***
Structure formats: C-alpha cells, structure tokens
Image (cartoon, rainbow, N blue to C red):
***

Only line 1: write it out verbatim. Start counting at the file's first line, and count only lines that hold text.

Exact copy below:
Structure formats: C-alpha cells, structure tokens